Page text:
By Simon Smythe
After months of speculation, Shimano didn’t celebrate its 100th anniversary on March 21 with the launch of the highly anticipated new Dura-Ace groupset – instead, the Japanese company unveiled a limited-edition commemorative photo book.
Only 2,000 of the photo books are to be made available via pre-registration and lottery selection through Shimano’s centenary website
According to Shimano, the contents of the book, which is titled Shimano 100 Works, “provide the historical background to some of Shimano’s most ground-breaking products.”
The book is made up of 264 pages sized 333mm×265mm and tells the story of Shimano’s 100 years in 100 products.
The cost is 10,000 yen (£66.50 ) and applications can be accepted up until May 27, with the winners announced from June 7.
However, even without a new Dura-Ace groupset and even if you’re not one of the book winners, Shimano’s centenary website makes for a very enjoyable browse and is also a great historical record. For fans of Shimano down the years there’s a ‘100 Products History’ section (screenshot and link above), which echoes the 100 in the book although, according to Shimano, the book will focus on individual iconic products rather than the entire product lines featured in the web version.
Naturally Dura-Ace is one of those 100 featured on the website, with the story from its launch in 1973 up to the present (being careful not to give anything away about the rumoured 12-speed R9200 series).
The website – and the book – features fishing as well as cycling equipment: Shimano has clearly not separated its two sectors in its anniversary.
However, two stories that Shimano has separated are those of its own and Lance Armstrong, whose ‘win’ in 1999 on Dura-Ace 7700 gave Shimano its first Tour de France victory. Armstrong has been comprehensively cancelled, with Shimano instead including a picture of his Discovery team-mate Paolo Savoldelli winning the Giro d'Italia in 2005 on Dura-Ace 7800.
For the 100th anniversary Shimano has also brought back the famous tricolor featured in the Ultegra 600 design of 1988, which is now to be its new corporate brand logo. According to the brand, the tricolor line of light green, blue, and deep blue "respectively symbolise the land, the sky, and the sea," explained as symbolising Shimano's world view by president Yozo Shimano.
Elsewhere on the centenary website there's plenty more nostalgia, illustrated with archive photography and catalogue scans. Shimano's first product was a single freewheel, which it says marks its origin after founder Shozaburo Shimano started repairing machines having lost his job in Japan's recession following World War I.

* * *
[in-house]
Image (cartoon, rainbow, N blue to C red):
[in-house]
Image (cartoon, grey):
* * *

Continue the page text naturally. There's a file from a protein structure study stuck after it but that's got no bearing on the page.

The current president, Yozo Shimano, is the grandson of Shozaburo and the fifth president. He said in Shimano's press release: “On this occasion, I would like to express my deepest gratitude to you for the exceptional support that you have extended to Shimano for so many years.
“Over the past century, Shimano has experienced radical changes in its business and social environments. Despite these changes, we have been constantly pursuing technological innovation to manufacture high-quality, dependable products for our customers while upholding the corporate mission: 'to promote health and happiness through the enjoyment of nature and the world around us.
“Today, we see increasing numbers of people becoming more and more environment and health-conscious. Moreover, because of the pervading sense of stagnation, many people have begun to pay keener attention than ever to cycling and fishing, regarding them as means to relieve themselves from stress and refresh their body and mind. In this environment, Shimano is fully aware of the vital importance of fulfilling its role to promote healthy and enriched lifestyles by supplying its products and to help create a sustainable society.
“On the centennial anniversary, which we regard as the starting line for the next century, Shimano adopted a new corporate brand logo, featuring a tricolor line of light green, blue, and deep blue, which respectively symbolise the land, the sky, and the sea. These colours also represent Shimano’s worldview that it pursues to realise.
“Finally, we are determined to pass on to future generations the manufacturing spirit and technology that we have inherited from the founder and to evolve Shimano further as a development-oriented digital manufacturing company, dedicated to value creation, particularly the creation of new and enriched cycling and fishing cultures. In these endeavours, I would appreciate your continued support.”
Shimano's press release ends with a promise of "further exciting moments later in the year," and we can only assume this time we're talking about the new Dura-Ace.
Simon Smythe is Cycling Weekly's senior tech writer and has been in various roles at CW since 2003. His first job was as a sub editor on the magazine following an MA in online journalism (yes, it was just after the dot-com bubble burst).
In his cycling career Simon has mostly focused on time trialling with a national medal, a few open wins and his club's 30-mile record in his palmares. These days he spends a bit more time testing road bikes, or on a tandem doing the school run with his younger son.
What's in the stable? There's a Colnago Master Olympic, a Hotta TT700, an ex-Castorama lo-pro that was ridden in the 1993 Tour de France, a Pinarello Montello, an Independent Fabrication Club Racer, a Shorter fixed winter bike and a renovated Roberts with a modern Campag groupset.
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